Unfortunately, whenever a new product has success on the market, companies usually tend to put maintenance projects for their old ones in the background. This is probably what happened at Microsoft this week, with older versions of Windows being widely affected by a new and nasty ransomware named WannaCry, or WannaCrypt. Windows 10 devices were not affected at all, which goes to show that newer products are always kept safer.
While at the beginning, many people thought that Windows XP was the main culprit in spending the ransomware, recent reports might indicate otherwise. Windows XP was initially blamed mainly because it’s quite old, and has a lot of security flaws that are not being fixed anymore because user rates for it are dropping at a rapid rate.
But recent reports from Kaspersky Labs actually show that 64-bit versions of Windows 7 are those that were the most widely affected by the WannaCry ransomware. In fact, Windows XP infections actually represented a mere 0.1% of the total, which makes their number very negligible. Windows 10 held 0.03% of the total number of infections, which shows that there were a few computers affected, but not enough to be considered a relevant sample.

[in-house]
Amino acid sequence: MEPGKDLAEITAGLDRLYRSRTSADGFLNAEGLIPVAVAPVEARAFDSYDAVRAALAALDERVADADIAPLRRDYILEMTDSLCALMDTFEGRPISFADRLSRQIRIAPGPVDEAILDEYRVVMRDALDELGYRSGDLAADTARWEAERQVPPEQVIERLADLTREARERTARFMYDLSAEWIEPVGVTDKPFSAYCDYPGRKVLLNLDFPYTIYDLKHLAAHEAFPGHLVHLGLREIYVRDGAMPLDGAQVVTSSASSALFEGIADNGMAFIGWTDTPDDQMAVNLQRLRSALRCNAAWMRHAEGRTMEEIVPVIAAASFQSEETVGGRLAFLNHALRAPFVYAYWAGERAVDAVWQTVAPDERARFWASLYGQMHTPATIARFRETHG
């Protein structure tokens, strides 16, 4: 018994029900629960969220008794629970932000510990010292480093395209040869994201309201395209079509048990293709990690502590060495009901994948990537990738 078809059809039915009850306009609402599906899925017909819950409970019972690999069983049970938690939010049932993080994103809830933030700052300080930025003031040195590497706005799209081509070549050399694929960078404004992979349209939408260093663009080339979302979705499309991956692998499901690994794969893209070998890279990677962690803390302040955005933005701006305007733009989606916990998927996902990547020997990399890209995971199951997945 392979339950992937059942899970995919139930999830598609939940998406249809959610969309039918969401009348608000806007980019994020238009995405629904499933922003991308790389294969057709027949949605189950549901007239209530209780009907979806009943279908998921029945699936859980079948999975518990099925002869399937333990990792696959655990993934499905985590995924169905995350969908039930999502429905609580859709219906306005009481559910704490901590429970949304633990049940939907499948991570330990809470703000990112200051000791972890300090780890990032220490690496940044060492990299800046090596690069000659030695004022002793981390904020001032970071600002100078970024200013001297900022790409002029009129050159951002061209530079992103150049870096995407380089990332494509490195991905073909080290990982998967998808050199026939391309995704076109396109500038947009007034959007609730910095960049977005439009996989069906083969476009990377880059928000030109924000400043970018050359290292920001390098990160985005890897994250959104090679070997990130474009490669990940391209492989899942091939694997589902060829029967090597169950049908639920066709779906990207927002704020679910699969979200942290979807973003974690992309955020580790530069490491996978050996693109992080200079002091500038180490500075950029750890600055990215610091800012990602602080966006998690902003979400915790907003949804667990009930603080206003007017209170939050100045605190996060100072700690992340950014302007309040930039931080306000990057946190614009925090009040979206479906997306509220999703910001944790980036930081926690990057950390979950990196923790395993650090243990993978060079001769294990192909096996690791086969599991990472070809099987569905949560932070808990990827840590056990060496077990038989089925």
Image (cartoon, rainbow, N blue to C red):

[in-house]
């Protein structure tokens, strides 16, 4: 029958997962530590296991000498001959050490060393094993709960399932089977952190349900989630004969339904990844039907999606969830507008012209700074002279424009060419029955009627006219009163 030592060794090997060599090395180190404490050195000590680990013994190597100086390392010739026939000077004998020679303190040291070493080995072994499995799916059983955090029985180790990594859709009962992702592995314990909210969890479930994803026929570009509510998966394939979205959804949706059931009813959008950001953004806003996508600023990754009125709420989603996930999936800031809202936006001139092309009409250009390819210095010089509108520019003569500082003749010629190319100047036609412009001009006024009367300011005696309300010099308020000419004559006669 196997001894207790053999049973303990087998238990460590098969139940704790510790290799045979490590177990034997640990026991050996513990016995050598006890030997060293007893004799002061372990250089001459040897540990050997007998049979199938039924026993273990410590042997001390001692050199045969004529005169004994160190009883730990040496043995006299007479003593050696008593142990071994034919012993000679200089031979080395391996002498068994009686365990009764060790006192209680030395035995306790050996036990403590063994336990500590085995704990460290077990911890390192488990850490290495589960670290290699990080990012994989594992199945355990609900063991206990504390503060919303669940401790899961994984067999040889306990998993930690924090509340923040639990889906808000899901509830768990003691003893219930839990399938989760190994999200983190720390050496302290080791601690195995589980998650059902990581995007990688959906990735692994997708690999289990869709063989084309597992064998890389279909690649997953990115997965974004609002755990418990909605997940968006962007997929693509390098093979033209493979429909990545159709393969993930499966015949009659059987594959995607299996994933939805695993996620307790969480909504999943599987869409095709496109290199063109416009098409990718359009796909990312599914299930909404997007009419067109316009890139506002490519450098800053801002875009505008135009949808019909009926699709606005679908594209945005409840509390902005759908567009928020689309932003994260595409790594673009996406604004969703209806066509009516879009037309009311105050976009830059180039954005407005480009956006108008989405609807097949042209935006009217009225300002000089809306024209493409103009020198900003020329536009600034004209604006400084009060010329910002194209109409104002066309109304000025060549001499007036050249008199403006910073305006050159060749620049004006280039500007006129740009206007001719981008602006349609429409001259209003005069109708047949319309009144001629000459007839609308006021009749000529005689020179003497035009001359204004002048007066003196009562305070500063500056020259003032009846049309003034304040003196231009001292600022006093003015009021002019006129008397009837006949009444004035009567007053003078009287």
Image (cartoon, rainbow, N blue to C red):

However, Windows 7 held over 98% of the total number of infections, which is unfortunate seeing as it’s still the most popular operating system that Microsoft has released so far. In fact, Windows 7 holds almost half of the market share in this respective area, while Windows XP ranks at a mere 7%. Thus, it becomes less surprising that most infections affected device running Windows 7, but one would hope that Microsoft paid more attention to it given its immense popularity on the user market.
How about you? Are you a Windows 7 user? If so, what do you think? Let us know.